Please use this identifier to cite or link to this item:

How documentation needs to change as language revitalization progresses

File Size Format  
5002-01.jpg 2.62 MB JPEG View/Open
5002.mp3 26.28 MB MP3 View/Open
5002.pdf 1.22 MB Adobe PDF View/Open

Item Summary

Title:How documentation needs to change as language revitalization progresses
Authors:Keegan, Peter
King, Jeanette
Contributors:Keegan, Peter (speaker)
King, Jeanette (speaker)
Date Issued:14 Mar 2009
Description:Maori, the indigenous language of Aotearoa/New Zealand, has been subject to intensive revitalization efforts since the 1970s. These efforts have largely focused on the education sector and include well known examples such as kohanga reo ‘Maori early childhood immersion centres’ and kura kaupapa Maori ‘Maori schools’. Maori is fortunate that stories, oral traditions and narratives have been recorded since the 1800s and this information is readily available. A key area where further documentation is required centers on the Maori language of speakers who are products of Maori language revitalization efforts. Aspects of Maori requiring ongoing documentation include speech and written language, which allow examination of changes in pronunciation, phonology, the lexicon, word formation and syntax. Maori is reported to be changing. This is a result of a number of related factors. Revitalization efforts require creation of new language and terminology for the modern world which means that some of the lexicon of younger speakers will be different from that of their elders. In addition, virtually all of the current younger generation of speakers speak English as a first language and this interferes with their Maori syntax and pronunciation. Many younger speakers have also been taught by teachers who are second language learners themselves. One project attempting to analyse changes in Maori speech over time is the MAOZNE (Maori New Zealand English) project which has been examining changes in Maori and New Zealand English over time. Changes in Maori pronunciation remains a key issue amongst Maori speakers as older native speakers are often critical of the Maori spoken by younger speakers, particularly those involved in Maori-medium programmes. This suggests an urgent need for ongoing documentation of current speakers of all age groups in order to attempt to understand existing changes and to disseminate this information as widely as possible, as these changes have major implications for teachers of Maori who need to be aware that the Maori being pronounced by different age groups is different. It is clear from the example of Maori that once a language has undergone revitalization efforts for a reasonable period of time the documentation and conservation needs change, especially as the language itself changes. Indeed it may be argued that the need for ongoing documentation of current language use increases especially as those involved in language revitalization efforts to look to researchers for guidance and advice on future language requirements.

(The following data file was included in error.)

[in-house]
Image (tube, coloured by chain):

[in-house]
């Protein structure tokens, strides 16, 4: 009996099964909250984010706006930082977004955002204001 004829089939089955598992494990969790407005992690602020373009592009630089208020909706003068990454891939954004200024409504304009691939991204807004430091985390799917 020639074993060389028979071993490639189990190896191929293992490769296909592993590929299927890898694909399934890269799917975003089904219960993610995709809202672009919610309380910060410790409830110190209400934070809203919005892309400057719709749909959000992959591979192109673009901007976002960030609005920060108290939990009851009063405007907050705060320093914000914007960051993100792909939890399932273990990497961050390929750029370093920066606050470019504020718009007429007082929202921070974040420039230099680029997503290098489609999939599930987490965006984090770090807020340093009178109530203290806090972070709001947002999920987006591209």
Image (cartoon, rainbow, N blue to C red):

Rights:Creative Commons Attribution-Noncommercial-Share Alike 3.0 Unported
Appears in Collections: 1st International Conference on Language Documentation and Conservation (ICLDC)

Please email if you need this content in ADA-compliant format.

This item is licensed under a Creative Commons License Creative Commons